Reporting structures tend to be hierarchical in nature. New plans and strategies are cascaded top-down into the organization‘s hierarchy. Conversely, most geographic or functional domains self-report to their management, and at the top all information about all costs and revenues come together. However, cost and value drivers seldom report ‗upwards‘ in a meaningful manner. Drivers tend to impact the organization ‗sideways‘, through the organization‘s value chain. Profitability and cost management solutions introduce ‗horizontal alignment‘, which is a crucial extension to the vertical alignment most organizations have. For instance, the most important cost driver for a claims department within an insurance company is the risk profile that the underwriting department is using. Too many accepted bad risks lead to an increase of claims, both in quantity of claims and in size per claim. The claims department actually has little means to influence total claim size, which can be up to two-thirds of the cost structure of an insurance company.

Transparency

The cliché that business experiences higher cost and regulatory pressures will come as no surprise in the Healthcare market. Patients, suppliers, shareholders, and regulators, all demand more transparency. Executives cannot allow surprises regarding their profitability. They need to ensure that both cost and revenue are managed in alignment throughout the organization. A solid set of processes, a comprehensive methodology, and a robust system are needed to meet these requirements. In fact, if executives do not ensure such a level of control in a transparent and regulated world, it will cost them dearly.

How is Profitability and Cost Management Different Today?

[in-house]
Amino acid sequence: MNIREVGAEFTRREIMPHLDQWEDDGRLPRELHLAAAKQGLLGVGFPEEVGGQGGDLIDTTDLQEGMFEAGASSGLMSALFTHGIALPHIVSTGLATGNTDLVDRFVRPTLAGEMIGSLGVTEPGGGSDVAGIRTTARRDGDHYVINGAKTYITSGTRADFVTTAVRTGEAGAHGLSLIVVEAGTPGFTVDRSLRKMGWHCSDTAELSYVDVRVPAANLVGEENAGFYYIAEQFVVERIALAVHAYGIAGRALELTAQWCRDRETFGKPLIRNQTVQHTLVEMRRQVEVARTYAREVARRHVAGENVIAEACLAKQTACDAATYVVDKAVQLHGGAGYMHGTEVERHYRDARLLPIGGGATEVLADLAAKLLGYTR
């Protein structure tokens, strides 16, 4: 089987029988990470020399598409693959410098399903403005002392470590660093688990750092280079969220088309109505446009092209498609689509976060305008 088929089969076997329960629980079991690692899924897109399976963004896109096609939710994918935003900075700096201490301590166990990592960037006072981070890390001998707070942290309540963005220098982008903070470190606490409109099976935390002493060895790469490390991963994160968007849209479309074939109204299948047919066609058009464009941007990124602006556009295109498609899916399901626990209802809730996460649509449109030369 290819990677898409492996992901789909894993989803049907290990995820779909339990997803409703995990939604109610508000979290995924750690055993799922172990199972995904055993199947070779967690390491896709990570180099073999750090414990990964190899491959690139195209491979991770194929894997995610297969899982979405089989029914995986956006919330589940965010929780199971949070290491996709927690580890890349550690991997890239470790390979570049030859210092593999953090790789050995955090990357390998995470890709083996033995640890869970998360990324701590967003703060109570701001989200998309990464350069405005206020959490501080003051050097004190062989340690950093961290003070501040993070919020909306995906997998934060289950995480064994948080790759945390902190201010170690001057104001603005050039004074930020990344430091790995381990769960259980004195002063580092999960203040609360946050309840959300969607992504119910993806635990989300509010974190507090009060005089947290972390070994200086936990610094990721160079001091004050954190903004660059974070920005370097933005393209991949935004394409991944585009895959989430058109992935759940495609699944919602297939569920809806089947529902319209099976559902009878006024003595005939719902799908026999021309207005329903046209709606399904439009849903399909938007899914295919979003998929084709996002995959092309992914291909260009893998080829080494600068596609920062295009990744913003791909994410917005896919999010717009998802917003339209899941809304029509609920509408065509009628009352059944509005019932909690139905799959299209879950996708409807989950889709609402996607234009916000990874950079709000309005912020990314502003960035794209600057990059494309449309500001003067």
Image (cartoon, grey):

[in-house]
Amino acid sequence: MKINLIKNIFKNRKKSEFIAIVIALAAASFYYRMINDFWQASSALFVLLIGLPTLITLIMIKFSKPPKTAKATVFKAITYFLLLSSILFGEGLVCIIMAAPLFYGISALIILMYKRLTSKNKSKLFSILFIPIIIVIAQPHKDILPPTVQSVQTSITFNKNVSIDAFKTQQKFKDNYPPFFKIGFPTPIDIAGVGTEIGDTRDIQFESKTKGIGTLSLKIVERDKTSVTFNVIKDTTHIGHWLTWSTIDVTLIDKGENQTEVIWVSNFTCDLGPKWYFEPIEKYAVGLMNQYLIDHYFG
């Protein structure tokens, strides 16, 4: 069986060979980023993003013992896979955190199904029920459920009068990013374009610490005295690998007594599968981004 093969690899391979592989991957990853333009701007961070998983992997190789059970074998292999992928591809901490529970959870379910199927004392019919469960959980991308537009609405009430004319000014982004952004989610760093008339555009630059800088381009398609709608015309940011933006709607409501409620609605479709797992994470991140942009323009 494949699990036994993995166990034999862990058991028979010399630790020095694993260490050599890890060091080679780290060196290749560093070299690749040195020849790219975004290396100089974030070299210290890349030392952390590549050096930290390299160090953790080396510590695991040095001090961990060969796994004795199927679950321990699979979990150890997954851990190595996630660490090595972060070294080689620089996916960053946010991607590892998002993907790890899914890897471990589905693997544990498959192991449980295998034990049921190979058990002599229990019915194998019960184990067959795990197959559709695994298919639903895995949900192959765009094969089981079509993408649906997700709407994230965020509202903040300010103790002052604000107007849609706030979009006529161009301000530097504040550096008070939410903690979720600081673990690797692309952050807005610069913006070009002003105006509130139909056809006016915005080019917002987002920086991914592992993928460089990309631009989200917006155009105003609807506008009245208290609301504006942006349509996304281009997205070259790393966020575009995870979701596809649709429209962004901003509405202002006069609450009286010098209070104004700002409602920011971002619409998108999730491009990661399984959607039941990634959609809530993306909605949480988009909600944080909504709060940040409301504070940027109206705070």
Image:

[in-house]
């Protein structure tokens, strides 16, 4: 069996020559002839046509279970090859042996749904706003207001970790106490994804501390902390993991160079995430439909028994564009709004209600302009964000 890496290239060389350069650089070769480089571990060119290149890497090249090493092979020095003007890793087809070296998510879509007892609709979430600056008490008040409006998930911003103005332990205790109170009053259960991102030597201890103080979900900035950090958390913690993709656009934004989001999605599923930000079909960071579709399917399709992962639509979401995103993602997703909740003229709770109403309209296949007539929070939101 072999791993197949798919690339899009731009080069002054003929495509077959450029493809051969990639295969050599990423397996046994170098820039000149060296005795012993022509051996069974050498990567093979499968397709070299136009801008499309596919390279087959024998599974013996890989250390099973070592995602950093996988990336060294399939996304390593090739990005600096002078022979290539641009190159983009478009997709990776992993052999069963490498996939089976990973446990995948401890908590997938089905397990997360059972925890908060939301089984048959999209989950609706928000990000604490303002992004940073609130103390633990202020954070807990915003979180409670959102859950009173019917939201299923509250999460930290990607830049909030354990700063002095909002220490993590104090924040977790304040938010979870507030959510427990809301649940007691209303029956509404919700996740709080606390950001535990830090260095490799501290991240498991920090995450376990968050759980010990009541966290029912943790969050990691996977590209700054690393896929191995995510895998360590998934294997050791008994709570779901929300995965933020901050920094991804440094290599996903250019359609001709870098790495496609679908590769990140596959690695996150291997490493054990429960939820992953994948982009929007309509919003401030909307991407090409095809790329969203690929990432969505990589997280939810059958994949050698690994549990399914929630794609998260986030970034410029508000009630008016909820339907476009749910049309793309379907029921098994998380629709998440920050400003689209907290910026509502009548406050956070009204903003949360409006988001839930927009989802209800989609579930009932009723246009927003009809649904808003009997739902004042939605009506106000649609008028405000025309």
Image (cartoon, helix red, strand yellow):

Profitability and cost management traditionally has been an operational function because of the prevalence of ERP systems. These systems have a Chart of Accounts, ledger, sub-ledger, operating statements etc. This is a necessary structure to accurately reflect and record the financial activities of an organization. However, it has very little relevance to the products and services offered by the business. As a result, the majority of the profitability and cost management solutions in the business were relegated to a series of reports which were pulled together from disparate sources. Organizations often spent more time in reconciling the variances in reports than in actually understanding the data on the reports. As a result, Management had very little faith in these profitability reports. Profitability and cost management today is a strategic function. It has management attention and visibility. Today‘s profitability and cost management solutions are driving a key performance metric – the overall profitability of the business. It is not only reported upon but it is used as a strategic tool to driver change throughout the organization. It involves mastering a methodology, understanding the business drivers, changing business processes, and introducing a system. The impact of profitability and cost management ripples through to all management processes. The following is an overview of the stages most organizations experience as they mature in their approach to profitability and cost management.